This study sought to assess the associations of childhood adiposity with vascular phenotype in pre-pubertal children.
The early-life metabolic consequences have consistently been demonstrated in obese children, but the time course and development of any vascular changes remain largely unexplored.
A total of 6,576 children age 10 to 11 years from the ALSPAC (Avon Longitudinal Study of Parents and Children) were studied. Childhood overweight and obesity were based on body mass index contemporary to vascular measures and supported by other adiposity measures, including fat mass and waist circumference on dual-energy x-ray absorptiometry. Heart rate, blood pressure, flow-mediated dilation in the brachial artery, and carotid to radial pulse wave velocity were measured in all children.
Overweight and obese children had higher heart rates (mean 72.4 ± 11 beats/min and 74.6 ± 12.2 beats/min vs. 71.7 ± 11 beats/min) and systolic blood pressures (mean 106.3 ± 9.1 mm Hg and 108 ± 10.2 mm Hg vs. 103.6 ± 9 mm Hg) compared with normal-weight peers. However, obese children had greater brachial diameters and resting and hyperemic blood flow, marginally increased endothelial function (higher flow-mediated dilation: mean 8.2 ± 3.2% vs. 8.1 ± 3.3%), and lower arterial stiffness (pulse wave velocity: mean 6.99 ± 1.0 m/s vs. 7.05 ± 1.23 m/s) compared with normal-weight children. These findings were not explained by metabolic differences.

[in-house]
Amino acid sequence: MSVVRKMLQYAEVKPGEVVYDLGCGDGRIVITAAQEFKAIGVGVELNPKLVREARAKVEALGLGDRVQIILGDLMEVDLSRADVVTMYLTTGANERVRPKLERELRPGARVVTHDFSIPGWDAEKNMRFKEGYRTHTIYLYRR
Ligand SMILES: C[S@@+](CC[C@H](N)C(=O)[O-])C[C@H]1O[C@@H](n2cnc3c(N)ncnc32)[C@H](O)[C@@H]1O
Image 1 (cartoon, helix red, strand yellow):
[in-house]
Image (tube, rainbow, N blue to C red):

Greater childhood adiposity is associated with adverse cardiometabolic risk factors, but with no evidence of vascular damage at age 9 to 11 years. This could represent physiological adaptation to the hyperemic state of adiposity in childhood.